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Chapter 15 Hints and Help

QUESTION: What is the difference between class variables, attributes, and fields?

ANSWER: These are all different names for variables that are used interchangably to describe variables that are declared at the class level (rather than inside methods). The name field comes from database terminology (and class variables are often associated with database fields), while the name attribute is part of standard OO terminology.

QUESTION: The textbook states that class variables are usually private or protected but can also be public. How would an application access a public class variable?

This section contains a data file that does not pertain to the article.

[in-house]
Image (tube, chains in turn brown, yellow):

ANSWER: Class variable can be declared as private (only visible to methods in the same class), protected (visible to methods of the same class and any child classes), and public (visible to any application that creates instances of the class). If a class variable is public it can be accessed by instances of the class, similar to the way that public methods are accessed. For example a public method named getAge(), can be called by an instance named myAge as follows: myAge->getAge(), and a public method named setage() could be used to set the age to 40 as follows: myAge->setAge(40). If a class variable named $age was public it could be accessed directly without need for these methods, using myAge->age. So you could then set the value directly using $myAge->age= 40;. Usually it is considered poor design to allow applications direct access to the data in an object; instead the class variables (data) are usually protected by making them private, accessible only by public methods. This practice ensures that the processes used to access and modify the data are controlled by the object. We say the private data is encapsulated by the public methods.